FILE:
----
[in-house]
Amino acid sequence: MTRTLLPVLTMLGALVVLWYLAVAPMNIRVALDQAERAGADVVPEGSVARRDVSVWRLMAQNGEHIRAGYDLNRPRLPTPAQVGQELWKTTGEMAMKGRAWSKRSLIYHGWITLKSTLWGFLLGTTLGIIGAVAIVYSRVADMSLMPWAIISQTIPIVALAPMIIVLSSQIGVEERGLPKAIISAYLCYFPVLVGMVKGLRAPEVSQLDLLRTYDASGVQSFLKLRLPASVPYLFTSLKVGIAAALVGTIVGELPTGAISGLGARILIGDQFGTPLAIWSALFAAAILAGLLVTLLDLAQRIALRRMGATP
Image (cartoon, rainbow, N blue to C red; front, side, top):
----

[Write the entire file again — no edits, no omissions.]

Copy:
[in-house]
Amino acid sequence: MTRTLLPVLTMLGALVVLWYLAVAPMNIRVALDQAERAGADVVPEGSVARRDVSVWRLMAQNGEHIRAGYDLNRPRLPTPAQVGQELWKTTGEMAMKGRAWSKRSLIYHGWITLKSTLWGFLLGTTLGIIGAVAIVYSRVADMSLMPWAIISQTIPIVALAPMIIVLSSQIGVEERGLPKAIISAYLCYFPVLVGMVKGLRAPEVSQLDLLRTYDASGVQSFLKLRLPASVPYLFTSLKVGIAAALVGTIVGELPTGAISGLGARILIGDQFGTPLAIWSALFAAAILAGLLVTLLDLAQRIALRRMGATP
Image (cartoon, rainbow, N blue to C red; front, side, top):